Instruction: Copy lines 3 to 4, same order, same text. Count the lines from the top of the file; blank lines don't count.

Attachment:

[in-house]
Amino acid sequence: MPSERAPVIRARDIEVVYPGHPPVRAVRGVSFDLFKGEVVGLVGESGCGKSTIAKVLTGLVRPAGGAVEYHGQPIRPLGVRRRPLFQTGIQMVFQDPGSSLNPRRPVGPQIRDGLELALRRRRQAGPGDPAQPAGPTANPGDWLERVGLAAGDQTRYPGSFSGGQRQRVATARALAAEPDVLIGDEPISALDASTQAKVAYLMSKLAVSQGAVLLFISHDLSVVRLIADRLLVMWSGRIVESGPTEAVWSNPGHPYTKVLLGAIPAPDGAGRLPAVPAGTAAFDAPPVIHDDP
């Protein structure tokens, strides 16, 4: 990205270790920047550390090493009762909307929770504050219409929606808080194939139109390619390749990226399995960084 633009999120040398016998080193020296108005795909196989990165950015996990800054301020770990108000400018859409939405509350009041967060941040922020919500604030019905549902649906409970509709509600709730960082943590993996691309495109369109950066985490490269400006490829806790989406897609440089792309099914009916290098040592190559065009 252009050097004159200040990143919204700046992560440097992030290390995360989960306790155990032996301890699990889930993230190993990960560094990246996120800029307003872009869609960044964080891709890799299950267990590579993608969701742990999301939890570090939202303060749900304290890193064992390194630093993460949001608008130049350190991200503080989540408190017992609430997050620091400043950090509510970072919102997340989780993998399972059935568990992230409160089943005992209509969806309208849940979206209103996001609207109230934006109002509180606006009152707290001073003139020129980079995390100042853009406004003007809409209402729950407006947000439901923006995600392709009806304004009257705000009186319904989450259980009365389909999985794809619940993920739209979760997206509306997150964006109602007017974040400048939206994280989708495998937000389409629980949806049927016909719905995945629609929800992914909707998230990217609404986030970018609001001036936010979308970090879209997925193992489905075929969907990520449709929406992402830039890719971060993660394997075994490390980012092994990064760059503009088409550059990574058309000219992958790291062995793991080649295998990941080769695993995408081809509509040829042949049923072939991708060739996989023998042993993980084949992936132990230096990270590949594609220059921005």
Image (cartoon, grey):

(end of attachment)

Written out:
């Protein structure tokens, strides 16, 4: 990205270790920047550390090493009762909307929770504050219409929606808080194939139109390619390749990226399995960084 633009999120040398016998080193020296108005795909196989990165950015996990800054301020770990108000400018859409939405509350009041967060941040922020919500604030019905549902649906409970509709509600709730960082943590993996691309495109369109950066985490490269400006490829806790989406897609440089792309099914009916290098040592190559065009 252009050097004159200040990143919204700046992560440097992030290390995360989960306790155990032996301890699990889930993230190993990960560094990246996120800029307003872009869609960044964080891709890799299950267990590579993608969701742990999301939890570090939202303060749900304290890193064992390194630093993460949001608008130049350190991200503080989540408190017992609430997050620091400043950090509510970072919102997340989780993998399972059935568990992230409160089943005992209509969806309208849940979206209103996001609207109230934006109002509180606006009152707290001073003139020129980079995390100042853009406004003007809409209402729950407006947000439901923006995600392709009806304004009257705000009186319904989450259980009365389909999985794809619940993920739209979760997206509306997150964006109602007017974040400048939206994280989708495998937000389409629980949806049927016909719905995945629609929800992914909707998230990217609404986030970018609001001036936010979308970090879209997925193992489905075929969907990520449709929406992402830039890719971060993660394997075994490390980012092994990064760059503009088409550059990574058309000219992958790291062995793991080649295998990941080769695993995408081809509509040829042949049923072939991708060739996989023998042993993980084949992936132990230096990270590949594609220059921005």
Image (cartoon, grey):